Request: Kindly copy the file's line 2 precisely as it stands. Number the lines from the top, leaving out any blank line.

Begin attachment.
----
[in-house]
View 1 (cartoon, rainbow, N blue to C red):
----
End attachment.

View 1 (cartoon, rainbow, N blue to C red):